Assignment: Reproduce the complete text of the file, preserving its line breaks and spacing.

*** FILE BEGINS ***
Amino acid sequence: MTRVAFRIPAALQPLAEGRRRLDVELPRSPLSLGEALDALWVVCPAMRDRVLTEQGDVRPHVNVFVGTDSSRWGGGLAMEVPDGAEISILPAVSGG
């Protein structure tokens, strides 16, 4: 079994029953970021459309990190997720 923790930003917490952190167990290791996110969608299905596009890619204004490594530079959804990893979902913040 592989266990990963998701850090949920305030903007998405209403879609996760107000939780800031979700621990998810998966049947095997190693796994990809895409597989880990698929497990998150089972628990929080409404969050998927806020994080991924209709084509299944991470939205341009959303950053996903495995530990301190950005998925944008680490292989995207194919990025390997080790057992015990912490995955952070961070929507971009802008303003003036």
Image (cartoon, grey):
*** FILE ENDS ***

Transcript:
Amino acid sequence: MTRVAFRIPAALQPLAEGRRRLDVELPRSPLSLGEALDALWVVCPAMRDRVLTEQGDVRPHVNVFVGTDSSRWGGGLAMEVPDGAEISILPAVSGG
């Protein structure tokens, strides 16, 4: 079994029953970021459309990190997720 923790930003917490952190167990290791996110969608299905596009890619204004490594530079959804990893979902913040 592989266990990963998701850090949920305030903007998405209403879609996760107000939780800031979700621990998810998966049947095997190693796994990809895409597989880990698929497990998150089972628990929080409404969050998927806020994080991924209709084509299944991470939205341009959303950053996903495995530990301190950005998925944008680490292989995207194919990025390997080790057992015990912490995955952070961070929507971009802008303003003036």
Image (cartoon, grey):